According to the manual, you should fill the water tank before you plug it in.  In addition, you should clean out the tank from time to time. One negative to this model is that the tank is not removable, so cleaning the tank is a little more of a hassle. (To be fair, not all Keurigs have removable tanks, but it’s still annoying.) What’s more, the instructions are adamant that you shouldn’t submerge the base in water.

The manual also notes that the basket, pod holder, filter, and the non-silver base part are dishwasher-safe, but I generally prefer to wash them by hand.

Using the Coffee Maker:

It’s worth noting that, while this is technically called a coffee maker, it can make some other hot drinks, too. You can use any K-cup pod or pods that are K-cup compatible, including cocoa pods and tea pods. You can also use ground coffee using the included filter.

What parts you’ll use will depend on the situation:

  • For cleaning and first use, you’ll use just the brew basket.
  • For pods, you’ll use the pod holder in the brew basket.
  • For coffee grounds, you’ll use the filter basket in the brew basket.

To make a drink with the pod, you first raise the release lever to remove whatever is in place. Then you remove the filter and put the pod in the removable pod holder, making sure the metal needle in the holder punctures the bottom of the pod. Next, you place the pod holder and brew basket in place and close the lever.

A pod in the pod basket.

Situated.

To make a drink with coffee grounds, you raise the release lever to remove whatever is in place. Then you remove the pod holder. Next, fill the reusable filter basket, being careful not to go past the MAX line. Finally, place the filter basket in the brew basket and slide it all back into the maker, closing the lever to lock them in place.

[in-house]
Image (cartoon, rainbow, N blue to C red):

When you first plug the machine in, the power light should turn on and glow green. When you press the power button, the two serving size buttons will start flashing, indicating that the device is warming up. Once it’s ready to brew, the serving size lights will stop flashing and glow a solid blue. When you press the appropriate button, it will start working.

The manual says it takes 30-60 seconds to get ready. That fits our experience.

The maker comes with both 8-ounce and 15-ounce settings. (This is an improvement over the 2018 model, which had 10 and 15 ounce settings, with the first of those being too much for smaller mugs.) They do a good job pouring out the right amount, but you can stop the maker early at any time by pressing the green power button.

In our tests, we tried out pods with vanilla cappuccino, hot cocoa, and tea. The machine starts and stops, occasionally gurgling as it gets to the right amount.

Eight ounces of tea.

We found it to work fine. The liquid is hot, it brews up what it’s supposed to, and it does the job in a couple of minutes. It performs about like you’d expect, putting out a single serve drink. We tried it with both Keurig pods and Aldi pods and both work the same.

The Verdict:

If you’re in the market for a maker that brews K-cup pods or single-serve coffee using grounds, Aldi has a budget model that will do it. The Ambiano Single Serve Coffee maker will brew coffee or other hot beverages in a couple of minutes. It’s easy to set up and easy to use, offering two serving sizes. We wish the tank was removable for easier cleaning, but given the price, that’s perhaps not a surprise. Overall, this can do what a low-end Keurig does for a lot less money. The 3-year warranty adds some peace of mind.


About Joshua

Joshua is the Co-founder of Aldi Reviewer. He is also a writer and novelist. You can learn more about him at joshuaajohnston.com.

2 Comments

  1. I bought one of these to replace a Keurig that bit the dust. It keeps blowing out the lids of kcups though, making a mess of grounds all over. Anyone else have this happen?

    • We haven’t had that problem at this point. At the risk of stating the obvious, make sure everything is situated properly: make sure the pod holder is firmly on the peg of the basket, make sure the pod is fully down on the needle, and make sure the release lever at the top is all the way down. Also at the risk of stating the obvious: make sure you’ve run a couple of cycles of water through it before using pods for the first time.